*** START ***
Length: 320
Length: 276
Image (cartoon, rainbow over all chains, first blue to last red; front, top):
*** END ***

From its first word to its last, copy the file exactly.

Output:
Length: 320
Length: 276
Image (cartoon, rainbow over all chains, first blue to last red; front, top):